Focal Points; Garden Art + Foliage


Whether your style is whimsical, elegant, traditional or contemporary you can find a unique art piece for your garden that let’s your friends and family know that this is your garden. However it is the relationship between the art and the garden that really makes or breaks it. There has to be a reason for that particular piece of art to be placed in that specific location. Both the art and the garden should be enhanced by the association and using foliage is one of the easiest ways to accomplish this.

The Snuggle Factor

The pears above are nestled into the leafy ‘arms’ of ferns, Heuchera and moss. Over time the moss has started to wrap itself around the over-sized fruit such that the lines are blurred between art and garden. The bold color catches our attention but rather than seeming incongruous in this subdued leafy setting it is highlighted by the contrasting textures and shades of green. (From the garden of Tina Dixon, WA)

Hide and Seek

IMG_7454 These funky fish (found lurking in the garden of Mary Palmer, Snohomish, WA) are swimming through a golden ‘seaweed’. Depending on the breeze sometimes you see them – sometimes you don’t. Art doesn’t have to be completely visible to be a focal point. Sometimes a little subtlety is a good thing. This isn’t the sort of focal point that will knock your socks off 1oo yards away but rather a ‘garden moment’ waiting to be discovered as you stroll through the space.

Art Mimicking Foliage


Giant concrete Gunnera leaves have become increasingly popular since iconic artists George and David Lewis started creating them. I’ve seen these in many tints of color and in many settings but what I loved most about the composition above was how natural it looked within its environment.

The sheer size of the leaf grabs our attention and the texture is so realistic that I challenge anyone to walk past without at least being tempted to reach out and touch it!

Within this vignette is a secondary art piece; a small concrete pillar finished in such a way as to suggest antiquity but in reality quite new. Emerging from a cluster of hosta and topped with soft grass this column adds to the drama while again benefiting from the backdrop of foliage to give it a sense of presence.

Winter Vignette


Even in winter foliage can play a vital part in transforming your focal point into a vignette. Notice how in the photograph above (Taken at the Denver Botanical Garden) the bleached grasses frame the imposing sculpture. The art is impressive enough to stand alone but the grasses enhance it. Their soft, rustling blades contrasts with the stark, gold granite – especially poignant on a bitingly cold winter day.

Placing art into a garden does not automatically create a fabulous focal point. Placing it in such away that it relates to its surroundings and then adding either a frame or backdrop of foliage takes a focal point and transforms it into a vignette.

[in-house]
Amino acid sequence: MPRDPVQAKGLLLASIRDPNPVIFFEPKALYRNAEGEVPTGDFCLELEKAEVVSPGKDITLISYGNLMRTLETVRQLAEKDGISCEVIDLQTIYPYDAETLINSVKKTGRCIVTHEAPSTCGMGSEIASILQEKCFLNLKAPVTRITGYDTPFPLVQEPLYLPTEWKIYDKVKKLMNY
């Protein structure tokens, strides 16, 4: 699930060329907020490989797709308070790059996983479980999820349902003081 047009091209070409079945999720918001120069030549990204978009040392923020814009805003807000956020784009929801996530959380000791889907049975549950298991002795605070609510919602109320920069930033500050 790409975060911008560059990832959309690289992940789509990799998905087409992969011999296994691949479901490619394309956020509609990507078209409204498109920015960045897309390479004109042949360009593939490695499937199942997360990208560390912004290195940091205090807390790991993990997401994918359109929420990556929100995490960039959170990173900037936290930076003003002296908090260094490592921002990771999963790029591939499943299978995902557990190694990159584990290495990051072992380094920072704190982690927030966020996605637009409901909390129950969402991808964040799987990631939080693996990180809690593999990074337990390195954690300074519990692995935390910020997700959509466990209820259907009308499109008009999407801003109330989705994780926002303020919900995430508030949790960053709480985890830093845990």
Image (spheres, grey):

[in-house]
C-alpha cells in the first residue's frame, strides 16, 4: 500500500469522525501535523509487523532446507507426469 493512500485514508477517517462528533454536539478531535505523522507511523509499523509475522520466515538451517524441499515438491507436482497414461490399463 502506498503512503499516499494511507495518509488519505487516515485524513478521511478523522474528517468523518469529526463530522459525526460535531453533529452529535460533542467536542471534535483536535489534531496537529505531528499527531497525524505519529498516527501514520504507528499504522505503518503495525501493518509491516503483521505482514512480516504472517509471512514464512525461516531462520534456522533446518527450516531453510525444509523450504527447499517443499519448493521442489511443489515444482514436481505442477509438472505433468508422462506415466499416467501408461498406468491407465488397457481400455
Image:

(This is part two in a four part series on focal points. Missed Part 1? Find it again here)

For more ideas on focal points sign up for my design class on Craftsy; Gorgeous Garden Design; Foliage & Focal Points. 

Read my reviews, interact with other students (over 200 at the last count), ask questions and enjoy the class whenever you choose and as often as you want to.

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Water + Foliage = a Perfect Vignette


We all love the soothing sound of water, whether the rushing torrent of a waterfall or the gentle trickling from a fountain. It stills the soul, giving us permission to pause and enjoy the moment. Shallow birdbaths and fountains attract birds from hummingbirds to Western tanagers while butterflies can be seen ‘puddling’ in a simple dish rock.

A large water feature may well be a major focal point in your garden or a partially hidden birdbath could be a delightful ‘garden moment’ – discovered as you stroll along the path. Whatever the size there is one key design tip that will transform your focal point into a vignette and that is FOLIAGE and there are two ways in which it is typically used;

1. As a backdrop



Tall Shenandoah switch grass (Panicum v. ‘Shenandoah’) is the perfect backing for this luminous red glass birdbath by Seattle artist Jesse Kelly. A shorter copper stand would not have had the same impact. Rather the height of the stand emphasizes the erect architecture as well as the color of the tall grasses. The deep burgundy smoke bush set off to the side also plays into this scene well.

In the top photograph a rusty old tractor has sprung a serious leak! Love the whimsy of this. In this instance the hefty vehicle is seen against solid conifers while a rhododendron appears to be trying to escape from within. Great re-use of something that was headed to the landfill.

2. As a picture frame



Th image above is a wonderful lesson in composition. Firstly there is the geometry with the repetition of circles within squares (circular columns within a square pool) and also squares  within circles (pavers set within the boxwood perimeter).